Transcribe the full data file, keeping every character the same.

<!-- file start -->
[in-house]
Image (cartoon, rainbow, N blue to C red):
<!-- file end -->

[in-house]
Image (cartoon, rainbow, N blue to C red):